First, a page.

“I want you to forget everything you think you know about fighting” Busia told Linku sternly. “All you’ve ever fought were still puppets. Try your fortune on a real creature.” He then hands Linku a bo staff. “Pretend it’s a sword” he tells him. “You know the spots on the body to hit. You know weak points in the armor. But do you understand living reaction?”
Linku looks at brute that stands in front of him. He stands at least twice as tall, and probably three times as wide. He carries a staff much like his. But the armor he wears is just like the ones on the dummies. So Linku knows what to do, in theory anyway. Linku lunges toward Busia, aiming his staff at his neck. But then suddenly, he finds himself on the ground. He’s pinned down at the neck with Busia’s staff, his strength impossible to overcome.
“You’re dead” he says in his deep voice. He then loosens his grip on Linku and sets him free.
“Well, I was right” states Linku.
“About what?” Kisumu asks.
“Well, I knew fighting dummies all my life would just be a hindrance” Linku answers.
“It wasn’t hindrance” corrects Busia. “You gained some valuable knowledge from that training. At least you actually know how to use a sword.”
“But it’s not just swords or spears you have to worry about” begins Kisumu. “There will be many opponents you will face on the battlefield. Many different species. And each have their own set of skills and unique weapons.”
“Kisumu’s correct” Busia starts. “A crocodile will often use his tail in battle. One swipe will knock an opponent off his legs, long enough to give the final blow. We rhinoceros’ have a naturally made weapon, our horns. Charging head first in a group of soldiers will take many down efficiently and lethally. “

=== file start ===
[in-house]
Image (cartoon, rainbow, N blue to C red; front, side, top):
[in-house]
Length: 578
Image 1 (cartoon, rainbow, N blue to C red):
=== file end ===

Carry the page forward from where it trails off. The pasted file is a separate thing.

“But that’s not all” warns Kisumu. “Buffalo and wildebeest also have horns. Leopards and cheetahs have speed and agility on their side. Gorillas and apes have both brains and brawns. Birds rain weapons from above. Snakes have venom. And a squadron of elephants are almost a sure win for an army.”
“But lions have weapons too” N’Daku added. “Although we may not be as agile as leopards or cheetahs, being feline gives us an inherit amount of speed. But that’s not all, we also have these.” He extends his paw, and retracts his claws. He then asks Busia to bring in a wooden dummy. With a single swipe, he knocks of its head. Splinters fly everywhere.
“Now ask a cheetah to do that!” N’Daku boasted.
Busia then brings in another wooden dummy. “Now you try” he says. Linku then goes up to the dummy. He looks at his own paws. They are big, but nowhere near as impressive as his fathers. He swipes, and becomes pleasantly surprised. He cuts it off as cleanly and as easily as his father did.
“Wow” Linku says under his breath.
“Wow indeed” Kisumu replies. “You have more strength then you realize.” Linku then takes a glance at his father. He has a look of approval on his face, even cracking a small smile. A feeling of elation overwhelms Linku. He feels like he’s accomplished something great. Not only has he proven his own strength, but he’s also made his father proud. But there was still much work to do.